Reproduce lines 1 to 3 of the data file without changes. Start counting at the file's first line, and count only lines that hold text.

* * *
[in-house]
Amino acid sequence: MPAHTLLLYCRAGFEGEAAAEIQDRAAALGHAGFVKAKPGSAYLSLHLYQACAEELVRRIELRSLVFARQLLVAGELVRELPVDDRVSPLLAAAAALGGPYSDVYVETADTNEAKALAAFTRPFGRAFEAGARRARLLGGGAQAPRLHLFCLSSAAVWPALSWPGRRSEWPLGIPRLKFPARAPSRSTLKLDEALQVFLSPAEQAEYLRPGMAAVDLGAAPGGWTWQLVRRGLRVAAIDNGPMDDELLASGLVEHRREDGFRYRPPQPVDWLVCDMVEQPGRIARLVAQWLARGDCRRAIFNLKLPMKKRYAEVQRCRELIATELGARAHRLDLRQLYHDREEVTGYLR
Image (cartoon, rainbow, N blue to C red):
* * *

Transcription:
[in-house]
Amino acid sequence: MPAHTLLLYCRAGFEGEAAAEIQDRAAALGHAGFVKAKPGSAYLSLHLYQACAEELVRRIELRSLVFARQLLVAGELVRELPVDDRVSPLLAAAAALGGPYSDVYVETADTNEAKALAAFTRPFGRAFEAGARRARLLGGGAQAPRLHLFCLSSAAVWPALSWPGRRSEWPLGIPRLKFPARAPSRSTLKLDEALQVFLSPAEQAEYLRPGMAAVDLGAAPGGWTWQLVRRGLRVAAIDNGPMDDELLASGLVEHRREDGFRYRPPQPVDWLVCDMVEQPGRIARLVAQWLARGDCRRAIFNLKLPMKKRYAEVQRCRELIATELGARAHRLDLRQLYHDREEVTGYLR
Image (cartoon, rainbow, N blue to C red):